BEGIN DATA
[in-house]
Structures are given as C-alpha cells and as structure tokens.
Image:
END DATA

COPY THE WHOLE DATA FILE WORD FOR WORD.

[in-house]
Structures are given as C-alpha cells and as structure tokens.
Image: